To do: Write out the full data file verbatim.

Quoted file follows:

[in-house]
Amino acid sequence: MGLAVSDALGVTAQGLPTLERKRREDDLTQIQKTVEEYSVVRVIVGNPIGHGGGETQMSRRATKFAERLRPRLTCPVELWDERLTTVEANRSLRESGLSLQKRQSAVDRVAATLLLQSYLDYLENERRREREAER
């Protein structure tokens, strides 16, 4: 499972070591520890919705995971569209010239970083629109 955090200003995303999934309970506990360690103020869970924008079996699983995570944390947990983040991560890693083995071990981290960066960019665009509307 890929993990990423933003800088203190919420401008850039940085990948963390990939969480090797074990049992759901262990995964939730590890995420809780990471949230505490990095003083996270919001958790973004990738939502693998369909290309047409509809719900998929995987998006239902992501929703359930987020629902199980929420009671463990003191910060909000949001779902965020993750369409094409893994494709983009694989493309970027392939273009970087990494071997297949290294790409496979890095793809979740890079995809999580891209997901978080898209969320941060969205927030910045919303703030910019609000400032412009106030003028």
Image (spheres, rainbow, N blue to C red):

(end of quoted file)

[in-house]
Amino acid sequence: MGLAVSDALGVTAQGLPTLERKRREDDLTQIQKTVEEYSVVRVIVGNPIGHGGGETQMSRRATKFAERLRPRLTCPVELWDERLTTVEANRSLRESGLSLQKRQSAVDRVAATLLLQSYLDYLENERRREREAER
């Protein structure tokens, strides 16, 4: 499972070591520890919705995971569209010239970083629109 955090200003995303999934309970506990360690103020869970924008079996699983995570944390947990983040991560890693083995071990981290960066960019665009509307 890929993990990423933003800088203190919420401008850039940085990948963390990939969480090797074990049992759901262990995964939730590890995420809780990471949230505490990095003083996270919001958790973004990738939502693998369909290309047409509809719900998929995987998006239902992501929703359930987020629902199980929420009671463990003191910060909000949001779902965020993750369409094409893994494709983009694989493309970027392939273009970087990494071997297949290294790409496979890095793809979740890079995809999580891209997901978080898209969320941060969205927030910045919303703030910019609000400032412009106030003028």
Image (spheres, rainbow, N blue to C red):